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This digest summarizes the literature review of TCRP Project H-27, "Transit-Oriented Development: State of the Practice and Future Benefits." This digest provides definitions of transit-oriented development (TOD) and transit joint development (TJD), describes the institutional issues related to TOD and TJD, and provides examples of the impacts and benefits of TOD and TJD. References and an annotated bibliography are included. This digest was written by Robert Cervero, Christopher Ferrell, and Steven Murphy, from the Institute of Urban and Regional Development, University of California, Berkeley.
Demand for housing in urban areas is growing in the United States. Cities are increasingly safe, making them attractive places to live. Property values are rising in dense, walkable areas with access to public transportation. These trends combine to make possible an innovative funding practice called value capture: when some of the ascending property values can be directed toward public transit improvements. Land is more valuable when located near high?quality public transit infrastructure. Recent APTA research shows that, during the Great Recession, properties near public transit were more financially stable than properties located further away. Areas near public transit outperformed their regions as a whole by 41.6 percent. Research by public transit agencies and planning departments confirms that proximity to public transportation can increase property values. Around public transit infrastructure there is an opportunity for more value capture, and those revenues from public transportation?accessible locations will be more stable than general property tax revenues. Value capture instruments allow jurisdictions to collect revenue in specific areas and direct that revenue towards specific improvements. Value capture is being used for a wide spectrum of projects, from targeted neighborhood street improvements to new public transit infrastructure.
As vehicles become more fuel-efficient and overall levels of travel stagnate in response to increases in fuel prices, conventional sources of revenue for transportation finance such as taxes on motor fuels have been put under increasing pressure. One potential alternative as a source of revenue is a set of policies collectively referred to as value capture policies. In contrast to fuel taxes and other instruments that impose charges on users of transportation networks, value capture policies seek to generate revenue by extracting a portion of the gains in the value of land that result from improvements to transportation networks. In this report we identify a set of eight policies that contain elements of the value capture approach. These policies include land value taxes, tax increment financing, special assessments, transportation utility fees, development impact fees, negotiated exactions, joint development, and air rights. We evaluate each of the policies according to four criteria: 1) efficiency, which relates to how well the policies allocate scarce resources, 2) equity, which describes the fairness of resource allocation among different strata of society, 3) sustainability, which refers to the ability of the policy to serve as an adequate, reliable source of transportation revenue, and 4) feasibility, which refers to the degree of political and administrative difficulty associated with each policy. Since these policies are targeted toward use at the state and local level in Minnesota, we conclude by examining some legal and administrative issues related to the implementation of each policy with special reference to Minnesota.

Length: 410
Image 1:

Discusses city authority to levy special assessments for local improvements like streets, waterworks, sanitary sewer and more. It defines special assessments, gives a synopsis of the procedure, discusses challenges by property owners, levying and collecting assessments, borrowing, making corrections, and applicability to tax exempt and railroad properties.